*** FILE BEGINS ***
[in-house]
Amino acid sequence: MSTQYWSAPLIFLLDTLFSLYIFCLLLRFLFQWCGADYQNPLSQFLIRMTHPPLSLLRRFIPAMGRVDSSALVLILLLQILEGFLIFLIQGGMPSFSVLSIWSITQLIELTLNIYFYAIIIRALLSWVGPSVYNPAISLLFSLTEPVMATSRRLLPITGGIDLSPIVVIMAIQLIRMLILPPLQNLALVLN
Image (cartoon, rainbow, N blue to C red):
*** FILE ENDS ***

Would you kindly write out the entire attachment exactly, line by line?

[in-house]
Amino acid sequence: MSTQYWSAPLIFLLDTLFSLYIFCLLLRFLFQWCGADYQNPLSQFLIRMTHPPLSLLRRFIPAMGRVDSSALVLILLLQILEGFLIFLIQGGMPSFSVLSIWSITQLIELTLNIYFYAIIIRALLSWVGPSVYNPAISLLFSLTEPVMATSRRLLPITGGIDLSPIVVIMAIQLIRMLILPPLQNLALVLN
Image (cartoon, rainbow, N blue to C red):